Contingent methadone take-home doses reinforce adjunct therapy attendance of methadone maintenance patients

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Abstract

Two studies utilized within-subjects designs to determine whether take-home methadone doses can reinforce adjunct therapy attendance of drug abuse patients. These studies varied the reinforcement density and the schedule of methadone take-home doses. In Study 1, patients (n = 10) either could or could not receive a take-home following each therapy session. Study 2 patients (n = 15) could either earn take-homes following each therapy session attended (i.e., 2 take-homes per week) or could earn one take-home dose following each attendance to two consecutive sessions attended. In both studies experimental conditions alternated during three-week blocks of time. Across studies, any reinforcement by take-home doses produced more attendance at therapy sessions than that observed in the no reinforcement condition. Take-home incentive effects were strongest when each of the two weekly therapy sessions was reinforced by a methadone take-home dose. Increased attendance was not associated with reduced drug use, due perhaps to high rates of pre-study drug use and limited therapy duration. Contemporary opioid abusers present with multiple problems that methadone was never intended to treat. The present studies illustrate a method by which methadone treatment can improve the likelihood of delivering other services that may prove effective in treating some of these problems.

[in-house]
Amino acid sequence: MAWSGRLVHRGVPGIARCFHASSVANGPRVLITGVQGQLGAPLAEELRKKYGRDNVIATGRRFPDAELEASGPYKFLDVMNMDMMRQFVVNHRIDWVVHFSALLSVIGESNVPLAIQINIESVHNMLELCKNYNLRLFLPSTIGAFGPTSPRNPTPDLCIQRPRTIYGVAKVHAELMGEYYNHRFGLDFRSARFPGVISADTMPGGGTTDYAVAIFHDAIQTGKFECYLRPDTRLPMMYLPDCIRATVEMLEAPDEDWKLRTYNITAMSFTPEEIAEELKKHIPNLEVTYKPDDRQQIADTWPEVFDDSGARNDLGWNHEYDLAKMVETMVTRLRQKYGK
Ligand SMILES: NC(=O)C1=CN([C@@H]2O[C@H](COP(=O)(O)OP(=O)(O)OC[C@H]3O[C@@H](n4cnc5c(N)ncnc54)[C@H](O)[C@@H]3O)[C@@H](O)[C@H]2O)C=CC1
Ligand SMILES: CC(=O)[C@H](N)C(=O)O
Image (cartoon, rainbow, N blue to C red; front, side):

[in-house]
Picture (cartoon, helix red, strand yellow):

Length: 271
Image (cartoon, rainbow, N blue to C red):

Original languageEnglish (US)
Pages (from-to)221-226
Number of pages6
JournalDrug and alcohol dependence
Volume36
Issue number3
DOIs
StatePublished - Dec 1994

Keywords

  • Contingency management
  • Methadone maintenance
  • Opioid abusers
  • Therapy attendance

ASJC Scopus subject areas

  • Toxicology
  • Pharmacology
  • Psychiatry and Mental health
  • Pharmacology (medical)

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